The Metropolitan Museum of Art
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|The Metropolitan Museum of Art is
one of the world's largest and finest art museums. Its collections include more than two million works of
art spanning 5,000 years of world culture, from prehistory to the present and from every part of the globe.
As for Italian Art, your palette will be more than
satisfied. The Metropolitan Museum of Art offers a menu that is vast and rich. Like a box of chocolates, let
us suggest that you savor one or two exhibits at a time, but come back often. I still remember with excitement
the thrill I felt as a child of 10 seeing the Roman statues and relics. I felt I was whisked back to the days
of Caesar as I entered the Greek and Roman wing. There is so much to see! Let's take a stroll around the museum
and glance at just a few of the sights that await you.
|As we enter this impressive building, we first absorb
the incredible vastness of the Great Hall. Admission is free but a donation is very gratefully accepted (and
well earned!). Check in your coats and off you go! The recently inaugurated new Greek and Roman Wing is the
perfect setting for an acclaimed installation of Greek art from prehistoric through classical times, including
exceptional sculptures, vases and bronzes. The Roman sculptures, glass, jewelry, gems and bronzes, not to
mention the frescoes from the villas of Boscoreale that were destroyed in the eruption of Vesuvius, are equally
spectacular. And don't forget those crafty Etruscans! Traces of their mastery – including a chariot – are
evident as well. If you want to know more about ancient art, you can go upstairs and consult the vast Greek
and Roman Study Collection.
||Next, we glide into the European Sculpture and Decorative Arts
display. Here we see outstanding works of Italian Renaissance sculpture, such as Tullio Lombardo's marble
statue of Adam. Tullio was the son of the famous Italian sculptor Pietro Lombardo, who designed The Church
of Santa Maria dei Miracoli in Venice. Tullio and his brother Antonio were instrumental in the church's decoration.
We also see the beginnings of Italian Majolica, as well as several extravagant rooms including an entire boudoir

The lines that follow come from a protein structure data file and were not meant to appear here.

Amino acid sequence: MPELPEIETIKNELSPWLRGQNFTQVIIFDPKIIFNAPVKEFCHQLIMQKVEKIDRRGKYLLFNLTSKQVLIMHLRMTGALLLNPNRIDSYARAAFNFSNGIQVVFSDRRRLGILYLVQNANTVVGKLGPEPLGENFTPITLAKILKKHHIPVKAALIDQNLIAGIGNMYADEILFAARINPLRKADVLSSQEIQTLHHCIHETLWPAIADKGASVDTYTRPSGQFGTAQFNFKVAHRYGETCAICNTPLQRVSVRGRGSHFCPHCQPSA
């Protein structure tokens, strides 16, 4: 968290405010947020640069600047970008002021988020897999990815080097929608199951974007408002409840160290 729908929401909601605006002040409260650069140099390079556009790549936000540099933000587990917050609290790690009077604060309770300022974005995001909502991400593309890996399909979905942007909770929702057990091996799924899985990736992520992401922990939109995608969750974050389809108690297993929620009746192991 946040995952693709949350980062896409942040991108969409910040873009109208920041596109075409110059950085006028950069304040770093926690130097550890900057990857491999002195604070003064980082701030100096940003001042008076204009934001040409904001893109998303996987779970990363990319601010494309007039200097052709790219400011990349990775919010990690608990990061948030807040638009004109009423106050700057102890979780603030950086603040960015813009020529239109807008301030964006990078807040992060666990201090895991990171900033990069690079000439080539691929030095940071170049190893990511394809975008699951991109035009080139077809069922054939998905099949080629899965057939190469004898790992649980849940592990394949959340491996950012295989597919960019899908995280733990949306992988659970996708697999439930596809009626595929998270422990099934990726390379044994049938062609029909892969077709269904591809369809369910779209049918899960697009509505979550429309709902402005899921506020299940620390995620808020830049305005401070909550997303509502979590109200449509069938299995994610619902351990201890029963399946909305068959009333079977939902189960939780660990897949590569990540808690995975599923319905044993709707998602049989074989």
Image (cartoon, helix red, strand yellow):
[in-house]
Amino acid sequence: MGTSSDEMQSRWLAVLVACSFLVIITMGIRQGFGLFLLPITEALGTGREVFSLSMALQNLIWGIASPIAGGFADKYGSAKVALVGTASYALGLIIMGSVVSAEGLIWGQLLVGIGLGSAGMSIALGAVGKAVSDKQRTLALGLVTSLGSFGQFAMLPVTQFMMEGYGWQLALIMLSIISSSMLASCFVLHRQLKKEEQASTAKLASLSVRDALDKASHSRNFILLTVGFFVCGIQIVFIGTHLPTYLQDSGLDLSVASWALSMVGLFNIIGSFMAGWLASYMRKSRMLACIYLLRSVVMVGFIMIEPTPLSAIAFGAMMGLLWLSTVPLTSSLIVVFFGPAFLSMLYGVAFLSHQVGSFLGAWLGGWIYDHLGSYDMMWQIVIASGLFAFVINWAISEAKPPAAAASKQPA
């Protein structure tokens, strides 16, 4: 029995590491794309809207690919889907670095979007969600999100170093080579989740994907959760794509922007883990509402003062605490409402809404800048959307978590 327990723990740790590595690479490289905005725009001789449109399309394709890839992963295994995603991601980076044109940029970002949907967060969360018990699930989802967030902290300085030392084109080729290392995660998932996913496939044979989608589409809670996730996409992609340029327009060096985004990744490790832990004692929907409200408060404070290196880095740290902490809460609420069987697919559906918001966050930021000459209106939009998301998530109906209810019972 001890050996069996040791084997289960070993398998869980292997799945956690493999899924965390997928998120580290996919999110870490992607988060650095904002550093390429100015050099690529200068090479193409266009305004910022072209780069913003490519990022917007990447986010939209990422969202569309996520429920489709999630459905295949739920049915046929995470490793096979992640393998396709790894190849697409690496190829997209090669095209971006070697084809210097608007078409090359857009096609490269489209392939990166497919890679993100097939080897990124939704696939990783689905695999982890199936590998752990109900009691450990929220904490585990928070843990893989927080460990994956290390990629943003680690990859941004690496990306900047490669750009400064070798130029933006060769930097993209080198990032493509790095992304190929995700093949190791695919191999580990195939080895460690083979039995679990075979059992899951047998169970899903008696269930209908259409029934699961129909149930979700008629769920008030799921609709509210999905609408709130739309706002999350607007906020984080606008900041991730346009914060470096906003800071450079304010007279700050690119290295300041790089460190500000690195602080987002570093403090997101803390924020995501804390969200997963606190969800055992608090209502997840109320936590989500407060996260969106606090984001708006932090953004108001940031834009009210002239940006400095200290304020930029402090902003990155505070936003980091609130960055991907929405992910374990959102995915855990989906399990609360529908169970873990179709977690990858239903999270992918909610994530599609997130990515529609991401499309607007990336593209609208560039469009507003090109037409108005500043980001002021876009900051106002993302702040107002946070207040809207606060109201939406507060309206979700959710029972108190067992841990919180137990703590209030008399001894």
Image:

taken from a patrician palazzo in Venice. Perhaps the most stunning room is the actual studio that was used
by Federico di Montefeltro, a 15th-century Italian duke. It is entirely constructed of inlaid wood – my
favorite piece is the trompe l'oeil bird cage complete with parrot!
|I will never forget the Met's Medieval Wing from my
childhood. All those ethereal saints and benevolent madonnas and eery crucifixes! Little did I know it was
one of the world's finest collections, numbering about 6,000 pieces. They come from all over but many began
their lives in Italy. At Christmastime, the the tiered courtyard is embellished by a large tree which is entirely
covered with nativity scene figures from 18th-century Naples. I remember as a child gazing in awe at these
splendid angels, attendant figures and the Holy Family. The soft strains of ancient music only heighten the
||Next in this imaginary tour, where there is no limit
to our time or energy, we dash up the majestic flight of stairs to the European Paintings exhibit. There we
see many Italian works of art including those by Sandro Botticelli, the early Renaissance painter who spent
his life in Florence. He is most known for his work called "Birth of Venus." As we stroll to our
right we peak into the Musical Instrument Exhibit to drink in the atmosphere of sound. Here we will find the
oldest extant piano, by Bartolomeo Cristofori. Cristofori was a Paduan harpsichord-maker who invented the
pianoforte. This particular piece is dated back to 1720.
|Amazing! And yet even now we have a craving for more,
so we head towards the southern side of the second floor to the Twentieth-Century Hall, where amidst many
artists we find another Italian hero, the Futurist Umberto Boccioni, whose works are an extraordinary representation
of the dynamics of movement.
There is so much more to see and learn but I must let you do that
on your own. It's been fun and I hope you've enjoyed it too.
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